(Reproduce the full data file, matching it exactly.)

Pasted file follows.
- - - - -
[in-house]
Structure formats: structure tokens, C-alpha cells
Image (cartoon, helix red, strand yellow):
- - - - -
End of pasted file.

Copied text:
[in-house]
Structure formats: structure tokens, C-alpha cells
Image (cartoon, helix red, strand yellow):